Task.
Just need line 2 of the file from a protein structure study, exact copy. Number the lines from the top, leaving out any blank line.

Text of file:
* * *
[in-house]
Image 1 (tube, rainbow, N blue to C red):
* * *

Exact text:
Image 1 (tube, rainbow, N blue to C red):